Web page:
• Hi Robin! So, you’re clearly very fastidious. You even “apologized profusely,” well in advance of any possible conflict. I appreciate that, your attitude, your sweetness. But what did it get you? In the case of the lady publisher you mentioned at the end of your post, nothing but icy hauteur and surpassing arrogance. How can she take offense at an honest error honestly corrected? Because she mistakes her place in this universe. Is she not human, and likewise prone to mistakes? This was a tempest in a tea pot. And here you were, going to all that trouble to be a good scout. People in all professions, certainly not just editors, can suffer from an enlarged sense of their importance. The subject editor swells those ranks. Let it go. You’re better than she is. By leagues.

  4. Your position is stated well and reasonably. I get it. You speak of the crush of other work, and it must be almost debilitating. Yet you should realize that the notion’s a two-way street. It is extremely difficult for a practicing, active poet (even one without a day job) to keep track of the individual components of submissions. Of late I have been submitting a great many pieces which have been polished for years. Years. The submission process is onerous for me; selections of poems aren’t just shot off into the ozone. To make a submission, I find that I must locate a suitable publication, review it at a primary level, make judgments about its aesthetics, dig deeper into the work that it has historically chosen — this alone can take a good deal of time, albeit enjoyable time — and sometimes research its editorial staff. If an issue is themed, the proper poems have to be chosen; if not, the selection needs to reflect the taste of the publication. Each submission therefore represents a delicate and time-consuming process . . . at least for me. I can’t speak for others. So let me tell you, after months have gone by, and poems have been simultaneously submitted here and there and god knows where, the acceptances present a kind of clerical challenge. Has this poem gone anywhere else? Is it still pending? Oh, you say, just get a spreadsheet and keep records. Well, I’ve tried that. And I find that there is significant slippage in the process. In other words, on top of everything else, it’s really hard for a writer who is submitting in significant numbers to effectively track where everything has gone, much less how those pieces have been received. I don’t have a secretary, and I am a lousy one. A decent poet, sometimes, but a bad clerk, ever and always. I fully expect that one day I will get multiple acceptances on some piece or other, and then I’ll have to disappoint someone. I know this, and I am sorry. But that disappointed person has to understand that generating a letter of prior acceptance upon receipt of good news is more than this poet is capable of. In fact — and here is the truly heretical part — I would say that if you like a poem, just print it. Or pixel it. Frankly, it doesn’t matter if it has appeared, or will be appearing, somewhere else. If the poem is good enough to fight its way to the top of the pile, let it enjoy the sunlight, the exposure. It’s not as if the world will come down if it turns out that somewhere else in this vast cosmos someone else shared your point of view and likewise decided that the poem was worthy of publication. Honestly, it’s not as though exposure in any journal, not even the most elite, results in a whole lot of readership for any particular poem. Poems take years to craft and polish. Let them find homes where they will. My two cents.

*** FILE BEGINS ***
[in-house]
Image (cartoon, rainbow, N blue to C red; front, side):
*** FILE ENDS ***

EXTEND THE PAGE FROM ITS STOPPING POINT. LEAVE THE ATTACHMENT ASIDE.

• Bruce, thank you so much for your detailed comments. The submission process can indeed be daunting and take a great deal of work! I’ve found my Duotrope membership to be invaluable as a way to track submissions, much better than a spreadsheet, although I have been known to use both :). Since many literary magazines and other publications have specific rights they adhere to, it could be a high risk for lit mags to print something without proper acknowledgment, but there are several places who do accept reprints. My list of those is here: Again, thank you so much for adding to this conversation!